Supporting you through your cancer care

Macmillan Cancer Support and Imperial College Healthcare NHS Trust are working together to deliver a better experience for people with cancer in north west London.

We are using evidence and expert knowledge to shape services so that all patients experience the best possible care and support, at every stage of their journey, from diagnosis to end of treatment and beyond. The aim is to ensure that no one faces cancer alone.

With an investment of almost £3 million from Macmillan, the partnership will:

  • Connect and strengthen support, so cancer patients experience a smooth treatment journey
  • Fully integrate cancer services and the sharing of information between different care professionals
  • Improve the support and self-management of people living with and beyond cancer

The partnership is also focused on training and education to enable healthcare professionals to deliver more compassionate and personalised cancer care, as well as help empower patients to take control of their own cancer treatment and care.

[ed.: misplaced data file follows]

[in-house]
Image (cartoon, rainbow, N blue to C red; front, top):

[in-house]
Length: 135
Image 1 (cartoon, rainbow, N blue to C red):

The first phase of the partnership has already delivered 11 new cancer nurse specialists, established the Macmillan navigator service, rolled out the Schwartz Rounds to facilitate staff support, and begun the work looking at living with and beyond cancer.

During the second phase of the programme we will focus on how best to support people living with and beyond cancer.

Thanks to earlier diagnosis and improvements in cancer treatment, increasing numbers of people in north west London are living for many years after diagnosis. This is good news. But with more people getting cancer and living longer with it, we all need to be prepared to support people as they cope with receiving a cancer diagnosis and then help them feel more like themselves after treatment.

This means supporting people to regain control and cope with the ongoing physical and emotional effects of cancer and cancer treatment.

We want to put people affected by cancer at the heart of everything we do because they know the most about living with and beyond cancer. This is why we are engaging widely on what the next phase of the joint work should look like and what needs to be done to ensure that no one faces cancer, or the effects of cancer, alone.